Tuesday, December 15, 2015

FRCSE P-3C is first plane out during runway construction project

A P-3C Orion is towed into position for takeoff on the Naval Air Station Jacksonville runway Dec. 9. Artisans at Fleet Readiness Center Southeast recently completed planned maintenance on the plane. It was the first aircraft to takeoff from the airfield since it closed for construction in early June. (U.S. Navy Photo/Released)
A P-3C Orion is towed into position for takeoff on the Naval Air Station Jacksonville runway Dec. 9. Artisans at Fleet Readiness Center Southeast recently completed planned maintenance on the plane. It was the first aircraft to takeoff from the airfield since it closed for construction in early June. (U.S. Navy Photo/Released)

Lt. Cmdr. Adam Schantz, Fleet Readiness Center Southeast (FRCSE) P-3C product officer and test pilot, lifted the nose of the P-3C Orion into a bright, blue sky Dec. 9, marking the first takeoff from Naval Air Station (NAS) Jacksonville’s runways since the airfield closed for upgrades and repairs in early June.
Though the station’s active fixed-wing aircraft were transferred to Cecil Commerce Center before construction began, work at FRCSE, a Navy repair and maintenance facility, continues. The facility’s artisans recently finished their maintenance work on the Orion, which is now on its way to join Navy Patrol Squadron 4 in Hawaii.
Until last week, it was landlocked without a runway from which to take off.
“FRCSE got the plane finished in time for our initial takeoff date of Nov. 30,” Schantz, a Jacksonville native, said. “But due to the rain and weather, we had to delay it.”
The morning of Dec. 9 broke clear and blustery.
“It’s an absolutely beautiful day to fly,” Schantz said before climbing into the Orion’s cockpit.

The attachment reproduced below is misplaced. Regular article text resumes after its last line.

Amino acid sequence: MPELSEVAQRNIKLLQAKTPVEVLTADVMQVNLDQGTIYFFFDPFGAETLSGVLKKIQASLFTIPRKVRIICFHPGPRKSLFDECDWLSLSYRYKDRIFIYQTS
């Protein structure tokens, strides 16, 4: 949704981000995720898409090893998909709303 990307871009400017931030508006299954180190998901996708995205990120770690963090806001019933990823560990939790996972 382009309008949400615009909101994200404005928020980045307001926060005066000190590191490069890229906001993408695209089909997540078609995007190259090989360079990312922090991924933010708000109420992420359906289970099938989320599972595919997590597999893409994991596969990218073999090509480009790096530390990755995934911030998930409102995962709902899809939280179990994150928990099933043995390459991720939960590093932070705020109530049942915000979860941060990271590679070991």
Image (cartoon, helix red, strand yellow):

However, since the airfield’s main runway is not yet operational, Schantz used the secondary runway that is 5,980 feet – roughly 2,000 feet shorter than the main runway’s old length of 8,000 feet.
“It’s a little bit shorter, but I’ve flown off it in the past,” Schantz said. “There are just additional steps we take. We trained in the simulator a couple times just to practice on a short runway.”
For Schantz, who was flying hot-air balloons at 14 along with blimps when he was fresh out of college, a shorter runway wasn’t a problem. As the freshly painted plane left the ground, ascended and banked right near the airfield’s control tower, workers from FRCSE’s P-3 line clapped and cheered.
“This was a great accomplishment today,” said P-3 Integrated Product Team Lead Angello Evans. “The plane arrived at the end of May, just before the runways closed. Now that we can start getting planes out, we can start taking in work as well.”
The massive project is the first major overhaul of the runway in 70 years. The construction is literally paving the way for the future of the base by adding improvements such as an additional 1,000 feet of runway, new energy-saving LED lighting and signage. Many of the enhancements are designed to accommodate the Navy’s new P-8A Poseidon aircraft, for which NAS Jacksonville is the East Coast home.
The Poseidon is taking over anti-submarine warfare, as well as intelligence, surveillance and reconnaissance duties from the P-3C. Currently, NAS Jax is home to the only operational P-8A squadrons.
In more ways than one, the runway renewal marks an end of one era and the beginning of another. NAS Jax Airfield Manager Doug Chaney called the project “historic.”
“The life of the new runway is now projected to be 50 years,” Chaney said. “Doing the math, we have one shot in 120 years to do this project properly – and we’re going to get it done.”

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